to the king that the English people would not give up
easily to any foreign rule. Edward began to find that
his recommendation to the council would not be enough
to place William
 peaceably upon the throne. Would it not rather bring
about discord and war? and would not the Danish party
seize upon any time of disunion to force a Danish king
upon the land? Was there anything better to do?
Far away in Hungary was a prince called the "Outlaw," a
nephew of Edward's. He was invited to England, and now
the question seemed to be settled, for his father had
been greatly loved by the English people; but in a few
weeks he died. His son was too young to be thought of
as ruler of the land, and again Edward must try to plan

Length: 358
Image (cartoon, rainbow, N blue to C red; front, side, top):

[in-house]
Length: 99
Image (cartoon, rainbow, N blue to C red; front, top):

for the succession. He had learned that the king could
not give away his crown; but he had also learned that
when the people came to make their choice, the wish of
the king would be of great weight. What should he do?
Godwin was dead, but he had left a son, Harold, and
every day Harold's power was on the increase. He had no
claim to the throne by blood, he was merely the
brother-in-law of the king; but William's relationship
was only that of grand-nephew to Edward's Norman
mother. No drop of English blood royal was in his veins
any more than in Harold's. Edward's choice lay between
a child of
 the royal family, whose youth would lay the kingdom
open to Danish dominion; a foreigner of a race hated by
the English; and an Englishman loved and admired by the
English nation. Who could blame him if his mind turned
It came about one bright day in 1064 that Earl Harold
went out sailing with a merry party. There were three
vessels full of his friends. They started from Bosham,
near the Isle of Wight. Just where they would go, they